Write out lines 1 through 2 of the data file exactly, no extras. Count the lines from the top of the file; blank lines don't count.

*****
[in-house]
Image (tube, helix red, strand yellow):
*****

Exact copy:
[in-house]
Image (tube, helix red, strand yellow):